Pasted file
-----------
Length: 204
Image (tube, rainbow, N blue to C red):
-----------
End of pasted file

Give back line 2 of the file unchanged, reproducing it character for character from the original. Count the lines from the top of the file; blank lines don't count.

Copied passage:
Image (tube, rainbow, N blue to C red):